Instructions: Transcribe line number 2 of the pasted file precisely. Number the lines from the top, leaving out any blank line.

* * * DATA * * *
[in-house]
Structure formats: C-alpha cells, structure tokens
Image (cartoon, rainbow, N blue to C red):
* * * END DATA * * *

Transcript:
Structure formats: C-alpha cells, structure tokens